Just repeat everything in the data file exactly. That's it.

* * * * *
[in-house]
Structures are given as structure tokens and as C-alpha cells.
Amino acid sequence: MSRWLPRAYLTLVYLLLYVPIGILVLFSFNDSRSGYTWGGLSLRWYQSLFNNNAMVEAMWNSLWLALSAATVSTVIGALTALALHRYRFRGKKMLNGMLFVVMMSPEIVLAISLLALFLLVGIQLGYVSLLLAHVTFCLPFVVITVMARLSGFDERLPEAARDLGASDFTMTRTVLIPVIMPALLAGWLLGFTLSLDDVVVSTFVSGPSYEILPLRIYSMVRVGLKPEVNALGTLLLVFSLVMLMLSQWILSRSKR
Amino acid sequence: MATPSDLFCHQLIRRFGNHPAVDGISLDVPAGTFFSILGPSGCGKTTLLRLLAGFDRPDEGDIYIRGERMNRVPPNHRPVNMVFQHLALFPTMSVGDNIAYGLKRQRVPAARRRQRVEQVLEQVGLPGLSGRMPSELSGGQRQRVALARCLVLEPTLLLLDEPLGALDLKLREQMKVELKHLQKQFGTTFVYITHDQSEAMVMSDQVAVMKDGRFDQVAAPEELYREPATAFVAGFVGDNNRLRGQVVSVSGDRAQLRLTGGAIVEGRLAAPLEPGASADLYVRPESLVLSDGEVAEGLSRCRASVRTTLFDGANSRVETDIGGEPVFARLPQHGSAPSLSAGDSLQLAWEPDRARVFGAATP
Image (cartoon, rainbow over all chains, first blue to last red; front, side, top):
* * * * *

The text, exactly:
[in-house]
Structures are given as structure tokens and as C-alpha cells.
Amino acid sequence: MSRWLPRAYLTLVYLLLYVPIGILVLFSFNDSRSGYTWGGLSLRWYQSLFNNNAMVEAMWNSLWLALSAATVSTVIGALTALALHRYRFRGKKMLNGMLFVVMMSPEIVLAISLLALFLLVGIQLGYVSLLLAHVTFCLPFVVITVMARLSGFDERLPEAARDLGASDFTMTRTVLIPVIMPALLAGWLLGFTLSLDDVVVSTFVSGPSYEILPLRIYSMVRVGLKPEVNALGTLLLVFSLVMLMLSQWILSRSKR
Amino acid sequence: MATPSDLFCHQLIRRFGNHPAVDGISLDVPAGTFFSILGPSGCGKTTLLRLLAGFDRPDEGDIYIRGERMNRVPPNHRPVNMVFQHLALFPTMSVGDNIAYGLKRQRVPAARRRQRVEQVLEQVGLPGLSGRMPSELSGGQRQRVALARCLVLEPTLLLLDEPLGALDLKLREQMKVELKHLQKQFGTTFVYITHDQSEAMVMSDQVAVMKDGRFDQVAAPEELYREPATAFVAGFVGDNNRLRGQVVSVSGDRAQLRLTGGAIVEGRLAAPLEPGASADLYVRPESLVLSDGEVAEGLSRCRASVRTTLFDGANSRVETDIGGEPVFARLPQHGSAPSLSAGDSLQLAWEPDRARVFGAATP
Image (cartoon, rainbow over all chains, first blue to last red; front, side, top):